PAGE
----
Comments on: Communicating Skepticism with Your Kids http://sciencebasedparenting.com/2011/07/25/communicating-skepticism-with-your-kids/ Sun, 09 Oct 2011 12:47:28 +0000 hourly 1 http://wordpress.com/ By: JuliaM http://sciencebasedparenting.com/2011/07/25/communicating-skepticism-with-your-kids/#comment-14982 Fri, 07 Oct 2011 18:43:29 +0000 http://sciencebasedparenting.com/?p=2935#comment-14982 I love #4. It’s the message I want to convey when people think I’m arrogant for contradicting their beliefs. We’re all born with the same poor hardware. If I correct other people’s beliefs it’s only because I’ve struggled with the temptation to succumb to mine.

The way you’ve phrased it in this blog post is wonderful.

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By: Chris http://sciencebasedparenting.com/2011/07/25/communicating-skepticism-with-your-kids/#comment-14028 Tue, 09 Aug 2011 18:05:11 +0000 http://sciencebasedparenting.com/?p=2935#comment-14028 I was told by my parents that they bought the encyclopedia because I was always asking questions. Their standard reply to my questions then became “look it up!”

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By: Lou Doench http://sciencebasedparenting.com/2011/07/25/communicating-skepticism-with-your-kids/#comment-14021 Tue, 09 Aug 2011 04:26:21 +0000 http://sciencebasedparenting.com/?p=2935#comment-14021 on #3, I’m good with saying IDK, lets check the ipad. But I think there’s a balancing act there. If I do know the answer to a question, and Hellion #1 is a big questioner, I will answer it, but I do my best to be socratic about it, and then I do my best to answer enthusiasticly. I want my kids to pick up on how neat I find the real world, and how cool it it to know stuff about it.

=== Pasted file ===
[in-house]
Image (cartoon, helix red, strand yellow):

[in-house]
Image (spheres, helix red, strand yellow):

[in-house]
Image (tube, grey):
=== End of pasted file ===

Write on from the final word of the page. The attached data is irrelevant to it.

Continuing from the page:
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By: Arizona Writer (Kimberly Hosey) http://sciencebasedparenting.com/2011/07/25/communicating-skepticism-with-your-kids/#comment-13908 Tue, 02 Aug 2011 21:34:11 +0000 http://sciencebasedparenting.com/?p=2935#comment-13908 @Chris: And if you don’t know the answer reply with “That’s a good question! I don’t know. Let’s see if we can find the answer.”

Exactly! We do that all the time. Reference books, other people, even Wikipedia are huge around here. I’m totally OK with saying “I don’t know.” Even better, I have a kid who asks so many intriguing questions that I often don’t know. I guess maybe that means I’m doing #3, even if it’s a struggle.

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By: Julia http://sciencebasedparenting.com/2011/07/25/communicating-skepticism-with-your-kids/#comment-13781 Tue, 26 Jul 2011 15:36:56 +0000 http://sciencebasedparenting.com/?p=2935#comment-13781 I actually love #3. I think the meaning is not that you let the child guess the wrong answer but to show the child how to search out the answer (even if you already know it yourself).

I have to jump in to and say that for me part of being a skeptic includes also not “not believing in” stuff that can’t be proven like UFO’s, psychics, life in other dimensions or galaxies. I have never seen any evidence of it despite lots of attempted hoaxes, but I also leave room for the possibility of existence despite lack of observation. Much like Schroedinger’s Cat – all knowledge so far points to one outcome, but until we open the box we do not know for sure and must claim assumption as fact without observation.

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By: Chris http://sciencebasedparenting.com/2011/07/25/communicating-skepticism-with-your-kids/#comment-13776 Tue, 26 Jul 2011 05:36:16 +0000 http://sciencebasedparenting.com/?p=2935#comment-13776 And if you don’t know the answer reply with “That’s a good question! I don’t know. Let’s see if we can find the answer.”

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By: Arizona Writer (Kimberly Hosey) http://sciencebasedparenting.com/2011/07/25/communicating-skepticism-with-your-kids/#comment-13768 Mon, 25 Jul 2011 22:07:19 +0000 http://sciencebasedparenting.com/?p=2935#comment-13768 Really great list. I have a hell of a time with #3. Sure, create a questioner, but I want him to be correct, darn it!

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